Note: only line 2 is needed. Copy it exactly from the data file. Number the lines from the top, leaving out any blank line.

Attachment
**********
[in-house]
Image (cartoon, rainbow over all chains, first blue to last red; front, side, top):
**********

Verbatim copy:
Image (cartoon, rainbow over all chains, first blue to last red; front, side, top):